The Rainforest Journal: Outing #14 – Day 6

(Thursday 20-November-2014)

bore·dom \ˈbȯr-dəm\ noun:the state of being weary and restless through lack of interest .



I’ve been in the same spot since August, so how could it possibly not become boring after such a long period.

I know exactly how long it will take to walk down here, how often I’ll need to walk to get water, and not only which days but what time of day is best to aquire said water without seeing another person on the trails.

Chubby little dragon.

Chubby little dragon.

I know exactly how much gas, food and power I will need to run my phone and camera the full outing and still have dinner at the end of the week, mostly.

I know all the species of animals here that are likely to interact with me as well as the time of day they will do so. No new species have ‘popped-up’ outside a Gecko and the odd Dragon or two.

I know exactly what to expect each time I arrive here on the first day of each outing; the camp to be how I left it, with at least one new rat-chewed hole in the bottom to patch-up.

I know nobody will ‘stumble’ into this area with enough certainty that I’m able to walk around completely naked all day; confident nobody will interrupt me.

I know exactly the length of time it will take to walk back to town well enough to predict when I will reach the top, accurate to within half an hour, provided nobody slows me down yapping for lengthy periods.

And I know the whether; that the westerly blows strong enough to snap huge branches and send them crashing to the ground, while the southern and northerly winds can barely be felt at all because of the cliff-lines and Mount Solitary, and that any rain forecast doesn’t usually start till late afternoon or evening.

Some kind of birds nest.

Some kind of birds nest.

Now, given how fast the phrase “I know exactly..” got old, it’s little wonder that the repetition of going back and forwards from the same campsite for nearly three months would put the yawn in me.


Since I decided to do this because I could no longer stand the hum-drum, predictable routine and yawnfest that *is* dull suburban life; everyone doing the same boring shit, going to the same boring social events, all trying to be the same boring “normal” as every other boring fuckhead on their street, yeah, considering I came out here to avoid all that predictability I’ve managed to end-up settling into a pretty damn predictable routine anyway – albeit less comfortable than the aforementioned suburban wanker shit.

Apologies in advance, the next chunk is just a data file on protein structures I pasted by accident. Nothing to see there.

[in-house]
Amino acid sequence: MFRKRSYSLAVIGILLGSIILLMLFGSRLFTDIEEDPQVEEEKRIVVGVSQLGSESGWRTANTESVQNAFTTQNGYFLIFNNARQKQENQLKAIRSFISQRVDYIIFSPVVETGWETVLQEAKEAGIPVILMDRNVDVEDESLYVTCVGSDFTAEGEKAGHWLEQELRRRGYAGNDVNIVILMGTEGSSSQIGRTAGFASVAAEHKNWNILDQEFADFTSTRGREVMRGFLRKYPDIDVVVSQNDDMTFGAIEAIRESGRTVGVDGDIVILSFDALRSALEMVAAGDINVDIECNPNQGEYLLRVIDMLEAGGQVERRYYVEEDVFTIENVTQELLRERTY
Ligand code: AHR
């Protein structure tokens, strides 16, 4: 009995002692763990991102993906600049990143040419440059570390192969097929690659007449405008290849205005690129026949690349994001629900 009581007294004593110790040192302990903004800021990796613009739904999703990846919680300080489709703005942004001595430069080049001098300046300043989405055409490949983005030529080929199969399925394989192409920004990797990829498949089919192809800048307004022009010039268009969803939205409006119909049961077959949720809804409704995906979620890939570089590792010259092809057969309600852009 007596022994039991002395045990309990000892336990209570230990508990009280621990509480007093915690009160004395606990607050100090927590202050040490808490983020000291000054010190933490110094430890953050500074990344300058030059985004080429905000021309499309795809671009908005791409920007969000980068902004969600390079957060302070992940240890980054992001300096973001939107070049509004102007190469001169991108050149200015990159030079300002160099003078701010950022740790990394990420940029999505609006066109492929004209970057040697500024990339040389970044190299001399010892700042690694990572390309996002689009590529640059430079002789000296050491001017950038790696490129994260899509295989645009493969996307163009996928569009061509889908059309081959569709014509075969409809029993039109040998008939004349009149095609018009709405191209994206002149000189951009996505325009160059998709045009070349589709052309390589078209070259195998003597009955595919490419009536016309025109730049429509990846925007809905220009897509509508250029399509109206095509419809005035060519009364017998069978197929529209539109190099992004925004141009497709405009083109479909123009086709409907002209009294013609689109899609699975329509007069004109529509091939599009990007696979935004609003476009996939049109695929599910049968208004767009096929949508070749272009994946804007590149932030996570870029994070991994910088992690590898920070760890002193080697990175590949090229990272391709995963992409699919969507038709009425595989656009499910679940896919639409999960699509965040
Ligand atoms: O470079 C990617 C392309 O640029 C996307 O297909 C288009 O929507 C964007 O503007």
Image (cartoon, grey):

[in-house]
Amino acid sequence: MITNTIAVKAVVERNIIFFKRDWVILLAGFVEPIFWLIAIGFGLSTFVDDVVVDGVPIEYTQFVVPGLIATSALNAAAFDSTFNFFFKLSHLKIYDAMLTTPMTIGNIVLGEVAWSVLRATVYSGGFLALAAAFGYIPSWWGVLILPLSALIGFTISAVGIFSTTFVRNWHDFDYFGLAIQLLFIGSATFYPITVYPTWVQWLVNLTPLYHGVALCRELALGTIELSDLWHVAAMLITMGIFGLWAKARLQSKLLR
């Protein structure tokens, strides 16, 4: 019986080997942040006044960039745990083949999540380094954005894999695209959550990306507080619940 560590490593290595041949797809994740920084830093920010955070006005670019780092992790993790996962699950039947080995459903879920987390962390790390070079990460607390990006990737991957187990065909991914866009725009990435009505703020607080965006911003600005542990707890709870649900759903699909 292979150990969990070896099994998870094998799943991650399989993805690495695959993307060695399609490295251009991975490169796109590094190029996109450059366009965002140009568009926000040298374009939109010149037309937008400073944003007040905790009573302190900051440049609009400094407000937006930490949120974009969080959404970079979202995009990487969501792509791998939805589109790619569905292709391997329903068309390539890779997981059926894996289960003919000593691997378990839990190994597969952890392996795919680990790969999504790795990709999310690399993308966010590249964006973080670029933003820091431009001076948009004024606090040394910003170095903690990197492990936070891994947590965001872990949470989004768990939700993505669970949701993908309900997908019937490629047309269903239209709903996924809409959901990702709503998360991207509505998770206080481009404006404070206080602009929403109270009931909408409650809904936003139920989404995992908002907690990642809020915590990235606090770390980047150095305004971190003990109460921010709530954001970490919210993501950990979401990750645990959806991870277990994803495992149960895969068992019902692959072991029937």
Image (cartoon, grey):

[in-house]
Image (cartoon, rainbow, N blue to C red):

The Bubba. He's quite comfortable with the noises the tent and I make now, and seems encouraged by the sound of my voice. Of course he also takes food from my hand.

The Bubba. He’s quite comfortable with the noises the tent and I make now, and seems encouraged by the sound of my voice. Of course he also takes food from my hand.

The only solution of course is to move camp; just like changing neighborhoods, but with much less to pack.

Arranging transport both to and from the Wild-dog Mountains seems pretty complicated since I cannot see anything barr a single 4WD track that goes through them and I don’t know anyone who’d taxi me out there – certainly not every fortnight.

Which leaves the Kedumba River as the only viable option, though it would easily double the time it takes to walk out there and back up; probable 6-7 hours of solid walking down, and longer for the excruciating climb back up.



I just saw a firefly for the first time ever. They look just like blinking bicycle lights that float through the air. The moment I switched my head torch of I saw the light, then seeing how it moved – about head-height – thought someone was outside the tent. Apprehensive, I watch and a moment later realize there’s no foot noise whatsoever. A few moments later it sunk in what it was, so I just sat and watched it float of down the hill.

Even if I tried to take a photo mm the light might have shown up but I doubt the camera would focus on a flying bug 20 feet away. Still, next time I’ll give it a go. They’re actually beetles – fireflies. Both males and females flash, but females sit near the ground, while males fly around looking for them.

The Rainforest Journal: Outing #14 – Day 6
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Animal-loving cleaner with a parrot.

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